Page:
(b) I could clean my room and then ask if I could go to the party.
(c) I could sneak out to the party anyway.
3) Consider the consequences of each solution (think it through). This is where you think about what is likely to result from each of the different reactions you came up with.
Ask yourself: What will happen for each one of these options? For example:
(a) Yelling at your mom may get you in worse trouble or even grounded.
(b) Cleaning your room takes work and you may get to the party late (but maybe that adds to your mystique). With this option, you get to go to the party and your room's clean so you don't have to worry about it for a while.
(c) Sneaking out may seem like a real option in the heat of anger. But when you really think it through, it's pretty unlikely you'd get away with being gone for hours with no one noticing. And when you do get caught — look out!
4) Make a decision (pick one of your options). This is where you take action by choosing one of the three things you could do. Look at the list and pick the one that is likely to be most effective.
Ask yourself: What's my best choice? By the time you've thought it through, you're probably past yelling at your mom, which is a knee-jerk response. You may have also decided that sneaking out is too risky. Neither of these options is likely to get you to the party. So option (b) probably seems like the best choice.
Once you choose your solution, then it's time to act.
5) Check your progress. After you've acted and the situation is over, spend some time thinking about how it went.
Ask yourself: How did I do? Did things work out as I expected? If not, why not? Am I satisfied with the choice I made? Taking some time to reflect on how things worked out after it's all over is a very important step. It helps you learn about yourself and it allows you to test which problem-solving approaches work best in different situations.
Give yourself a pat on the back if the solution you chose worked out well. If it didn't, go back through the five steps and see if you can figure out why.
These five steps are pretty simple when you're calm, but are much tougher to work through when you're angry or sad (kind of like in basketball practice when making baskets is much easier than in a real game when the pressure is on!). So it helps to practice over and over again.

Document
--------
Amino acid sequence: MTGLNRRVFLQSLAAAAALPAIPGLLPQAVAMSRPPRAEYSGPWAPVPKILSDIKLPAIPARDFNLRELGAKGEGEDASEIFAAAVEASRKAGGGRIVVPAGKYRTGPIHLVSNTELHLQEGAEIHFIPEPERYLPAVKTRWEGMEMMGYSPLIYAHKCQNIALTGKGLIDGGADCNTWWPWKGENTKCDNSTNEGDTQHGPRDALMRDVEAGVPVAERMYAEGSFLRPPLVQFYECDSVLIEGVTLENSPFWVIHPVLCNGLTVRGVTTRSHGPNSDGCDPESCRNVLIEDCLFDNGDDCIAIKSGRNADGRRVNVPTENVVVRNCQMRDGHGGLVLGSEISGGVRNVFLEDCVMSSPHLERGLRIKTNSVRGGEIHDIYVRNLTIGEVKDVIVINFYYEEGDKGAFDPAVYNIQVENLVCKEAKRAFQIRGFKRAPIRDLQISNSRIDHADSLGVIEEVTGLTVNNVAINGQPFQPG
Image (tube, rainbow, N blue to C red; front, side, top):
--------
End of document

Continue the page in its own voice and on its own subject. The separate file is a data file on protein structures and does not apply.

The five-step approach is good when you're in a particular situation that's got you mad and you need to decide what action to take. But other things can help you manage anger too.
Try these things even if you're not mad right now to help prevent angry feelings from building up inside.
These ideas can be helpful for two reasons:
Sometimes anger is a sign that more is going on. People who have frequent trouble with anger, who get in fights or arguments, who get punished, who have life situations that give them reason to often be angry may need special help to get a problem with anger under control.
Tell your parents, a teacher, a counselor, or another adult you trust if any of these things have been happening:
These could be signs of depression or something else — and you shouldn't have to handle that alone.
Anger is a strong emotion. It can feel overwhelming at times. Learning how to deal with strong emotions — without losing control — is part of becoming more mature. It takes a little effort, a little practice, and a little patience, but you can get there if you want to.
|Students Against Destructive Decisions (SADD) SADD is a peer leadership organization dedicated to preventing underage drinking, other drug use, impaired driving, and destructive decisions.|
|Reach Out Reach Out helps teens and young adults facing tough times and struggling with mental health issues. All content is written by teens and young adults, for teens and young adults.|
|Depression and Bipolar Support Alliance The mission of this group is to educate patients, families, professionals, and the public about depressive and manic-depressive illnesses.|
|American Psychological Association (APA) The APA provides information and education about a variety of mental health issues for people of all ages.|
|SAFE-Alternatives.com This website is dedicated to ending self-abuse and offers resources and information.|
|Center for Mental Health Services (CMHS) CMHS is a federal agency that provides information about mental health to users of mental health services, their families, the general public, policy makers, providers, and the media.|